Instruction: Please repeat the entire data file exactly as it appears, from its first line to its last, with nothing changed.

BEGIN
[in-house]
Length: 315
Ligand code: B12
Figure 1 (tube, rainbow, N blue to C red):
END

[in-house]
Length: 315
Ligand code: B12
Figure 1 (tube, rainbow, N blue to C red):